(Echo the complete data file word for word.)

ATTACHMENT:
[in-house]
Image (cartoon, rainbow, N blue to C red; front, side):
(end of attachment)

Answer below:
[in-house]
Image (cartoon, rainbow, N blue to C red; front, side):